It may come as little surprise to anyone who navigates Interstate 17 on a daily basis or heads frequently into the high country that it has been named one of the most dangerous highways in America, at least according to one study. A recent analysis of National Highway Traffic Safety Administration data on fatal accidents found I-17, between Phoenix and Flagstaff, to be the fourth deadliest stretch of highway in the nation.
Between 2011 and 2015, there were 0.867 deaths per mile on I-17, according to the analysis, done by Teletrac Navman, a fleet-management technology company. Saturday was the deadliest day on I-17, the analysis found, and March was the worst month. The deadliest hour of the day: 3 to 4 p.m.
The single most dangerous stretch of freeway in the nation was Interstate 4 between Tampa and Daytona Beach, Fla., at 1.250 deaths per mile during the period, Teletrac Navman found.
It should be noted that past analyses of highway deaths, of which there are only a few (one by Geotab and another by ValuePenguin) did not include I-17 among the worst.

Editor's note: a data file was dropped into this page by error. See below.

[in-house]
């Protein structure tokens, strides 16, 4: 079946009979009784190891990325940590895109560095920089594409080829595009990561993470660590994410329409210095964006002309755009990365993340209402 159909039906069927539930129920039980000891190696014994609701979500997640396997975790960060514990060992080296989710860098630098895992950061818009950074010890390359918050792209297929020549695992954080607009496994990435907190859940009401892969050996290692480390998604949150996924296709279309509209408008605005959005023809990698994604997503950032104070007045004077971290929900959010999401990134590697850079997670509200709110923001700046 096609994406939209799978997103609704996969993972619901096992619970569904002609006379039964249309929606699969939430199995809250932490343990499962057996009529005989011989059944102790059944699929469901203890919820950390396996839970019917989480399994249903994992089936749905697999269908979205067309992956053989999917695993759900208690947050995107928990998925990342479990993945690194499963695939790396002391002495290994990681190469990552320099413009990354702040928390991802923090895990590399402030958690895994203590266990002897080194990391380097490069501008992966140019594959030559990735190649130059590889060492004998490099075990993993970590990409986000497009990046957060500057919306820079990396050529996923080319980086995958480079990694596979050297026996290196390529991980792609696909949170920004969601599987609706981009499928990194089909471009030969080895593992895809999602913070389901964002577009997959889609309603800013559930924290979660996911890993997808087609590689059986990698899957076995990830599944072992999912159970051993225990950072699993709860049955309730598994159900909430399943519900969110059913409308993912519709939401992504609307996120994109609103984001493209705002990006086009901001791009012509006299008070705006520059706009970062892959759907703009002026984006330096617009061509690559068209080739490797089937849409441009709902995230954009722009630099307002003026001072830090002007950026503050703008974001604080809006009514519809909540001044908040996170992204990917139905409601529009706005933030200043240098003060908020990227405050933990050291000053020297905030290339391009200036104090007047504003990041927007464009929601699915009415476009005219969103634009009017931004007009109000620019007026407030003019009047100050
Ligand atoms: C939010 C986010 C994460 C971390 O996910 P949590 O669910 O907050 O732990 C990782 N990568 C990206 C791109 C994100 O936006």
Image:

UPDATE Dec. 13: John Halikowski, director of the Arizona Department of Transportation, called headlines stemming from the study “misleading” and said in a blog post: “You’re missing the point if you focus on the highway instead of the behavior of many who drive it.” Speeding, Halikowski said, is the problem.
Rising Arizona Traffic Deaths
Earlier this year, North Phoenix News reported that Arizona traffic deaths have been on the rise. The state’s 950 motor-vehicle deaths in 2016 were up 8 percent from the previous year and 24 percent from 2014, according to the National Safety Council. On average, 2.6 people die in Arizona every day due to motor vehicle accidents. The figures include motorcyclists, as well as pedestrians and bicyclists struck by motorized vehicles.
Most traffic fatalities in Arizona are caused speeding, officials say, and many of the deaths could be prevented by wearing seat belts and, for motorcyclists, helmets.
What’s Being Done
The Arizona Department of Transportation is installing a new thermal-camera system to detect wrong-way drivers on I-17 between the Loop 101 and I-10, and the agency recently installed additional wrong-way signs, each larger than a piece of plywood.
Earlier this year, ADOT got funding for a five-year plan to widen I-17 from two lanes to three north of Anthem and build “reversible lanes” on the crash-prone 8-mile grade between Black Canyon City and Sunset Point. The agency’s long-range plans call for I-17 to be widened to three all the way to Flagstaff. Discuss This Article on Facebook >>>
Accidents on I-17 between Black Canyon City and Sunset Point:
The full national analysis from Teletrac Navman: